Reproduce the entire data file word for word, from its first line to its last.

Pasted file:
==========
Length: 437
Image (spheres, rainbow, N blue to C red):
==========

Length: 437
Image (spheres, rainbow, N blue to C red):